How Much Sleep Should Your Child Be Getting?

Sleep deprivation is one of the first things we associate with the arrival of a new baby. Many an experienced parent will sympathise with an expectant young couple, aware of just how much their sleep will be disturbed by their new offspring.

While as adults we need and value our sleep, for children sleep is critical to their wellbeing and a lack of it can negatively impact both their emotional and physical development as well as their general health.

A comfortable and safe sleeping environment is essential for the developing child, as he or she will spend around 40 percent of its childhood in slumber, which is a significant amount of time. Of course the amount of sleep a child needs depends very much on her age or stage in development.

Sleeping Like A Baby

How Much Sleep Should Your Child Be Getting?
By: Rob Swystun

A baby arrives in the world with no concept of night and day. Initially she sleeps randomly for one or two hours at a time but for around 16 out of every 24 hours, mainly because of how frequently she needs to be fed. It takes her six weeks to develop Circadian Rhythm, the cycle of waking and sleeping dictated by daylight and night time. Between three and six months old she will develop regular sleeping patterns and should sleep through the night for around six to eight hours, although this varies widely between children.

From around 3 to 11 months, a baby requires around 12 hours of sleep each night complemented by a couple of daytime naps. Night time feeds are not necessary by the time a baby is six months old and when a baby reaches nine months she will be sleeping through the night. She will probably still take a couple of naps a day but by the age of one this will drop to a single nap. It is important early on to develop a baby’s ability to self sooth by putting her to bed when she is sleepy but not yet asleep.

A good sleep routine is as beneficial for parents as it is for children and allows a degree of planning, particularly if there are siblings to work around. It is worthwhile persisting with the development of a good routine even if a child is reluctant. Once a child realises who is the boss in terms of setting the parameters for bed time, the happier they will be.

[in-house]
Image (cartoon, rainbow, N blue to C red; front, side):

Baby To Toddler

As a child grows, she still needs plenty of sleep to maintain healthy development and toddlers from 1 to 3 should be getting an average 12 to 14 hours sleep each day which includes a daytime nap of 1 to 3 hours.

A pre-schooler, age 3 to 5, requires a little less sleep, approximately 11 to 13 hours per night and although they might have the odd daytime nap, most children will stop this by the age of 5.

Making the progression to school-aged child, 5 to 12 years old, around 10 to 11 hours sleep per night is recommended. A child’s bedroom should be a quiet, calm and sleep-friendly place, ideally without the distractions of televisions or computers.

Healthy sleeping habits established at an early age will set the tone for life and allow for a consistent bedtime routine throughout a child’s development. Children can be trained to develop a good routine and it’s worth pursuing because ultimately the better a child sleeps the better a parent sleeps, and that makes for a happier home for all the family.

Zoe writes on behalf of bed superstore Archers Sleep Centre. Tweet your thoughts on this article to @bloggingstyle.